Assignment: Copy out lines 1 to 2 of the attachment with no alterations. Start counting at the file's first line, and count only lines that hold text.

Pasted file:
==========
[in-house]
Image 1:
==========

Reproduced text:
[in-house]
Image 1: